From regenerating coral reefs to contemplating feeding an overpopulated planet, the works in Broken Nature show how design and architecture might jumpstart constructive change. This exhibition—a collaboration with the Triennale di Milano—highlights the concept of restorative design, and offers strategies to help humans repair their relationship to the environments that they share with other species and each other.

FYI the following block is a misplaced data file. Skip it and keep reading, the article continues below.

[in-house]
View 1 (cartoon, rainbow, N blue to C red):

The projects selected for this installation explore a range of themes. Kelly Jazvac’s Plastiglomerates—dense geological formations of sand and plastic waste, fossils from the future—reveal the long-term effects that human behaviors will have on the Earth’s layers. Intake Facility for an Anonymous Client, by Mustafa Faruki of theLab-lab for architecture, imagines a facility for processing angels migrating to Earth; it considers borders, transitions, and entry procedures while investigating architecture's potential to create a more empathetic world. In Can City, design duo Studio Swine (Super Wide Interdisciplinary New Explorers) have devised a mobile foundry that melts discarded aluminum cans salvaged from the streets of São Paulo, helping the city’s waste pickers jump start an artisanal enterprise. Other projects—like Julia Lohmann’s Oki Naganode—explore a range of new materials and processes intended to lead citizens to a more responsible attitude toward the world they occupy and shape.